Although the general view of aberrations displayed in Fig. 1 clearly implicates 1p, the distribution of aberrations supports the potential existence of at least three distinct candidate loci on the short arm of chromosome 1 that could be important in meningioma tumorigenesis. We defined the smallest candidate region (R1, Fig. 1) in the close vicinity of telomere of p-arm (ID 27-35; ∼800 kb), based on the detection of the overlapping homozygous deletion of M38 and the large heterozygous interstitial deletion of M93. This segment contains only 13 genes and these are highlighted in Table 1 . The second candidate locus (R2, Fig. 1) spans ID 158-344 (∼19.3 Mb), which is defined by the centromeric border of the terminal deletion in M117 (ID 344) and the telomeric border of the interstitial deletion in M31 (ID 158). This region is involved in all but one tumor (M79). The third candidate region (R3, Fig. 1) spans ID 432-458 (∼3 Mb) and is defined by overlapping heterozygous deletions in tumors M106 and M79. This region has been previously described using low-resolution deletion mapping (14, 31) . Thus, our results confirm and further narrow down this locus by ∼700 kb. Furthermore, when combining q-arm deletion data from samples M64 and M88, a minimum 1q deleted interval (R4, Fig. 1) was defined between clones ID 2002-2085 ( Fig. 3 ). This region of 83 clones encompasses ∼9.5 Mb of 1q. It should be stressed however, that the q-arm aberrations should be seen as secondary events, as these were always detected in conjunction with p-arm aberrations.
Association of segmental duplications and deletion breakpoints in tumors. To understand the mechanisms which may mediate deletions, we analyzed the sequence of chromosome 1 with regard to the presence of segmental duplications (duplicons). These have previously been shown to mediate disease-specific chromosomal alterations through the process of meiotic recombination (32–36) . We used relatively relaxed criteria for the detection of major duplicons (a minimum of 95% sequence identity across 10 kb). Numerous duplicons were identified and Table 1 summarizes these and their associated clone IDs (see also Supplementary Tables 3 and 4). To simplify the output of analysis, we clustered consecutive clones containing duplicons. The vast majority of detected duplicons were intrachromosomal, with approximately equal distribution of direct and palindromic orientation of these duplicons. In many instances, we observed a positive correlation between the presence of duplicon(s) and the detected deletion breakpoints in tumors. This suggests that duplicons are also involved in generation of chromosomal rearrangement in somatic cells. A recurrent observation in multiple experiments from tumors displaying terminal deletions of 1p and monosomy 1, which is related to the presence of redundant sequences in these clones, was the increased fluorescent ratio of the first four clones at the telomeric end of the p arm ( Figs. 2 - 5 ). As displayed in Table 1, clones 1 to 4 show a multitude of duplicons that are also present on other autosomes (chromosomes 2, 3, 5, 6, 8, 9, 11, 15, 16, and 19). All other clones contain intrachromosomal duplicons. We therefore concluded that the high redundancy of sequence within these clones was the underlying factor responsible for their increased fluorescence ratios. In contrast, the most telomeric clones of the q arm displayed less similarity to the rest of the genome and therefore done more reliably.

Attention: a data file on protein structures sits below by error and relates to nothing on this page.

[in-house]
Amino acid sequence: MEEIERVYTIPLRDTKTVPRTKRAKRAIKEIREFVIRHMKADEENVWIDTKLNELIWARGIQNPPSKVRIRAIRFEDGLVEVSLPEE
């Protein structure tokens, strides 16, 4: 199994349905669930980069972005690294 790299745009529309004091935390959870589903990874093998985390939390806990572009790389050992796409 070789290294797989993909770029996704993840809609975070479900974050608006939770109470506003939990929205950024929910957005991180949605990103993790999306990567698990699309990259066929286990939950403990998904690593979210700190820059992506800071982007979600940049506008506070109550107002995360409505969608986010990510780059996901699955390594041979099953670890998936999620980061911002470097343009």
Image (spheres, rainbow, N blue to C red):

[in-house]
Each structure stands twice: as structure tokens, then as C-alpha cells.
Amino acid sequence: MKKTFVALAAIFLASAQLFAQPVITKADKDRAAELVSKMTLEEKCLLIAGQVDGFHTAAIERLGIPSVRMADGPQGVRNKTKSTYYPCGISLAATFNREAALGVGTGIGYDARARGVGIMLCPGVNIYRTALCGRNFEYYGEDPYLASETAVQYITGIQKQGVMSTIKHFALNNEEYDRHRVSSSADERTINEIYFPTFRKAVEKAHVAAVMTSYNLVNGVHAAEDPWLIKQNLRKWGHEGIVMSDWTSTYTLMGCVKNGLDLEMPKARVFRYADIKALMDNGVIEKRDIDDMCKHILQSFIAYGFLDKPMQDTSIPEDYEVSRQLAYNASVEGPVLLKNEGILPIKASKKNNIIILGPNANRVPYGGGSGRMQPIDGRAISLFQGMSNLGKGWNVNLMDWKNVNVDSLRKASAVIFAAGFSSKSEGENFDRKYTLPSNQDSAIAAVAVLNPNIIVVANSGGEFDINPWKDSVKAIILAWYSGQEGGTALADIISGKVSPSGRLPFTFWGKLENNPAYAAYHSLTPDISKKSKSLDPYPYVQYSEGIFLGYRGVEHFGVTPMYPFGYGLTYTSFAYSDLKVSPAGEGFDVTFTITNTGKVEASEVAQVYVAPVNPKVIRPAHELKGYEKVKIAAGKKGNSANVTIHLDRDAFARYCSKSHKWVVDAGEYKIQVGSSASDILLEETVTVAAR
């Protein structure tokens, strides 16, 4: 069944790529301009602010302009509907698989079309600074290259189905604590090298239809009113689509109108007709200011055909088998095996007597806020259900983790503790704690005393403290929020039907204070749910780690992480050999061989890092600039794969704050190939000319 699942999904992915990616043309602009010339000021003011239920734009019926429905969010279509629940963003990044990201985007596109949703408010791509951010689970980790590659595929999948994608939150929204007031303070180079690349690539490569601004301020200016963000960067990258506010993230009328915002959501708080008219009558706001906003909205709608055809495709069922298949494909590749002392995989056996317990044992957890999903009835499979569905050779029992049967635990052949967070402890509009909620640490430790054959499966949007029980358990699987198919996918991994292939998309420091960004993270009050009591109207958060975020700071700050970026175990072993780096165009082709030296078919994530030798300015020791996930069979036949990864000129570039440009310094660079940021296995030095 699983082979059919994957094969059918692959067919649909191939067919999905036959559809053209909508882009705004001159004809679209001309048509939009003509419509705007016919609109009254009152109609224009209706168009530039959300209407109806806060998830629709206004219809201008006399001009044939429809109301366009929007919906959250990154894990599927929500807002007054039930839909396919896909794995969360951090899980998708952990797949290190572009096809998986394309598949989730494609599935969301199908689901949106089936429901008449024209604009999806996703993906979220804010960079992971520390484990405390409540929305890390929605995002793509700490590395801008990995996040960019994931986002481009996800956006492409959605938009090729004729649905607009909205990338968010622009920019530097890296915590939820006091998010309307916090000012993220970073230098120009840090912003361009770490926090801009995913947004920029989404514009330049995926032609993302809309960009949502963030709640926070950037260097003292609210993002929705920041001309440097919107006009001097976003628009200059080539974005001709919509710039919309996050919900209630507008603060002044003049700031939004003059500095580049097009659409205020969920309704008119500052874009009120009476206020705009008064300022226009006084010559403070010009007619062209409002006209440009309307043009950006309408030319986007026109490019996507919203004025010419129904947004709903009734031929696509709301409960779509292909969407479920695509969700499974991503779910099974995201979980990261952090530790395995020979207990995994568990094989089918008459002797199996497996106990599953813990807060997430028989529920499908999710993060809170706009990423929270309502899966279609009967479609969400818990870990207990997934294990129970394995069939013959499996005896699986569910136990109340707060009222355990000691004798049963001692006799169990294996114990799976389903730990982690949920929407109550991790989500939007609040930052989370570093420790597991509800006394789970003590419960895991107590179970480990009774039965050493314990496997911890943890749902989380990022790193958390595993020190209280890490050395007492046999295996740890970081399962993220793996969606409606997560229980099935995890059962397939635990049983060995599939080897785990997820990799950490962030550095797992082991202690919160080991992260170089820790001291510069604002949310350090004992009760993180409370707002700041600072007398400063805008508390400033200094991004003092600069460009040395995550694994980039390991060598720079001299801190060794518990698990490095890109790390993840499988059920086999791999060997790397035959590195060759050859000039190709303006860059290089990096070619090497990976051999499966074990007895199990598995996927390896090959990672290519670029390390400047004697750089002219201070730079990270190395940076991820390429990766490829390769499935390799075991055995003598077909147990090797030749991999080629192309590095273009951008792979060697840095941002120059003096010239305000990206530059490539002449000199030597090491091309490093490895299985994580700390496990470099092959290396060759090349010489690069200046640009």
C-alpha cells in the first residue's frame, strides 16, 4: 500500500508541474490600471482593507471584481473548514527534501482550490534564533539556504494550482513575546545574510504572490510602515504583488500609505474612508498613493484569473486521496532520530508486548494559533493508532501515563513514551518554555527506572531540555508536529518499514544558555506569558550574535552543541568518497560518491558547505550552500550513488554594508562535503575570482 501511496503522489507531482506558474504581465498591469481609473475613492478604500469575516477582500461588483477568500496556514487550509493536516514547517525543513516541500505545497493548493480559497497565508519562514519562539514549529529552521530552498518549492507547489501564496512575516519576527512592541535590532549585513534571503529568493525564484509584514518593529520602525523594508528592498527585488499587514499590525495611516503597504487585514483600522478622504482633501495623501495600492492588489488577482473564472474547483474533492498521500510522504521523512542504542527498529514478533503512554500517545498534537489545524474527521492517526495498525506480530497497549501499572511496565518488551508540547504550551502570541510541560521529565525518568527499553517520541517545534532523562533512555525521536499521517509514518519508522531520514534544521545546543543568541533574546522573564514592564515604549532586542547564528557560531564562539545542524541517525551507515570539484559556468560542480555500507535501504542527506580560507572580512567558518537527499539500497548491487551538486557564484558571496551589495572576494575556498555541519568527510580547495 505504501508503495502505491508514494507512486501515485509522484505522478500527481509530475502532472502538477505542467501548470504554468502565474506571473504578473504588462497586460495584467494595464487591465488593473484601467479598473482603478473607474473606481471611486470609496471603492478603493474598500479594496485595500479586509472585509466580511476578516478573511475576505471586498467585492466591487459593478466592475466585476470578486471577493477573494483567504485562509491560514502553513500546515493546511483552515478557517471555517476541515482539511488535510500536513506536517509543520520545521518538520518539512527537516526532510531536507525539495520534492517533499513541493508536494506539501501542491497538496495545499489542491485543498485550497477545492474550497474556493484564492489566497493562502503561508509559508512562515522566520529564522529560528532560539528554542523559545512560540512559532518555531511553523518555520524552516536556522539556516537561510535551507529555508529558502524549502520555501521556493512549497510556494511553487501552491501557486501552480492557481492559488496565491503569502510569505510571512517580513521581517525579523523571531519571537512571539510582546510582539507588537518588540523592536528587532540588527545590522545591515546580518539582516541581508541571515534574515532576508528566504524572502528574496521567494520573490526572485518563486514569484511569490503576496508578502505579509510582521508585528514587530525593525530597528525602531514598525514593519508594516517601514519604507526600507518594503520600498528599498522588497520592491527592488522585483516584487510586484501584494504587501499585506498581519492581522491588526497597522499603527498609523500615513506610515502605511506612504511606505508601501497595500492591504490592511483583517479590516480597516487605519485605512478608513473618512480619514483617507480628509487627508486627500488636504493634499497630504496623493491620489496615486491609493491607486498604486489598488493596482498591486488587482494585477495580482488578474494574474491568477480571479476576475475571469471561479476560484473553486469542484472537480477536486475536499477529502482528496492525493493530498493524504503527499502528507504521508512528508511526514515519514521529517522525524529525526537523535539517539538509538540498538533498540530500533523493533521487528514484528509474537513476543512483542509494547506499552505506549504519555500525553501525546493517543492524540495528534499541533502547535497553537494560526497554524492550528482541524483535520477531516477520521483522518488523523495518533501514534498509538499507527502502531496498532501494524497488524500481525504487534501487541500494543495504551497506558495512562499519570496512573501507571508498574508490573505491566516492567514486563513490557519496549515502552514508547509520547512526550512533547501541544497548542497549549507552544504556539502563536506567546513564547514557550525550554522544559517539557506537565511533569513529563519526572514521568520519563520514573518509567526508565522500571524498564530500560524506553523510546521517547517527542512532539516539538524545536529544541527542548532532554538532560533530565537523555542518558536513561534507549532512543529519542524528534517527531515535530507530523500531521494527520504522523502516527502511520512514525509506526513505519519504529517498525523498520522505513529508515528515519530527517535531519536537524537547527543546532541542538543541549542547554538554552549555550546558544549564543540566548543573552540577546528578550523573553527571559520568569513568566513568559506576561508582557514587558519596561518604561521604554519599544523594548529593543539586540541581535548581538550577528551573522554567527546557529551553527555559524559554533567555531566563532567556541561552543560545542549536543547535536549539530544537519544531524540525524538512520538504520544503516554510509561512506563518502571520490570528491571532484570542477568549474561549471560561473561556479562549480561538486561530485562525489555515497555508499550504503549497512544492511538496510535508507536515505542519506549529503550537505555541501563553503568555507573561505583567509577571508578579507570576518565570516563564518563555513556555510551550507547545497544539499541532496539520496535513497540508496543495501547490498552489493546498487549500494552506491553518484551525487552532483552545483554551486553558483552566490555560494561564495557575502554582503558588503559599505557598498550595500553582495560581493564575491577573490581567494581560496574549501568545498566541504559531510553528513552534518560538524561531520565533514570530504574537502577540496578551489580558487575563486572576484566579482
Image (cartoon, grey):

Evidence for genetic heterogeneity of tumor cells. An unexpected finding was the detection of large terminal p-arm deletions in three tumors with two distinctly different levels of fluorescent ratio within the deleted segment of chromosome 1 (M40, M67, and M134; Figs. 1 and 4). Fortunately, one of these three samples originate from a male patient (M134) and we could therefore accurately determine the fluorescent ratios for one copy level, using the values derived from the chromosome X controls. The female-derived tumor M67 displayed a tumor-specific aberration for clones derived from chromosome X, consistent with heterozygous deletion on this chromosome. Deletions on chromosome X have previously been reported for female-derived meningiomas (29, 37–39) . Thus, in tumors shown in Fig. 4 there is a clear single DNA copy level of fluorescent ratio on 1p, which is equal to the values derived from the chromosome X clones and therefore represents loss of one copy. There is also a diploid fluorescence ratio across large segments of the q arm in each of the three samples. However, between the two chromosomal segments described above, there is yet another interval that displays an intermittent fluorescence ratio. There are at least two possible explanations for the observed profiles. The first may be oligoclonality of these tumors (38). An alternative and perhaps more likely explanation is the progressive loss of different chromosomal segments, which occur at different stages of tumor development and confer a selective advantage to a clone of cells affected with the larger deletion. It is relevant in this context to mention that all three cases are recurrent although not anaplastic meningiomas. As far as we are aware, this is the first study reporting the detection of tumor-specific heterogeneity in DNA derived from primary tumor tissue using array-CGH. Several array-CGH papers have previously reported the reliable detection of DNA copy number imbalances on a heterogeneous cell background in the context of mouse tumor cell lines, human schwannoma, and ovarian cancer (40–42) .